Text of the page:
Bhutan has four distinct seasons.

Each has its advantages and disadvantages for the visitor. Notice should be taken of the predictable weather patterns before making decisions when to visit. Remember even predictable weather can vary dramatically in different areas and in 24-hour periods. The southern plains close to the Indian border are warmer and more tropical than higher central valleys.

Spring is arguably the most beautiful time of the year in the kingdom. The fierce cold that characterises the winter months tends to subside towards the end of February (around Bhutanese New Year, Lhosar). Rhododendron begins to bloom, first in the warmer east. At the height of spring, the end of March, the whole kingdom comes to life with the spectacular flaming red, pink and white of the rhododendron blossom.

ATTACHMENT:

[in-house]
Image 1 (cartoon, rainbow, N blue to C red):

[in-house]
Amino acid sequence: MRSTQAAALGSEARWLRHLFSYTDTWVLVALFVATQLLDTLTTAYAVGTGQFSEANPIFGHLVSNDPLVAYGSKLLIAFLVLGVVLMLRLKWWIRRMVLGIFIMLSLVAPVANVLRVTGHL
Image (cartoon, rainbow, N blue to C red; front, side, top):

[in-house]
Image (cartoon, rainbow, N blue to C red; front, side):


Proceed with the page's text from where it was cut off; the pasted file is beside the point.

The annual monsoon from the Bay of Bengal affects the south and central regions. The north is inhabited in the summer months when nomads return to the higher plains to tend to their yak herds.

The end of the monsoon, also a popular time to visit, marks the closing months of summer. The days are filled with glorious cobalt skies and warm weather.

The autumn months of September to November bring shorter days and cooler evenings. The days remain lovely with crisp clear skies. Views over the high Himalayas are usually only possible from September to March.

Come the end of November and the weather takes on its winter coat. The days remain crisp and the nights turn cold. The southern areas, being much lower, have a more temprate climate and considerably warmer winters.

Clear skies in the winter months bring with them cold weather but it’s also the best time of the year to view the snowcapped peaks of the high Himalayan mountains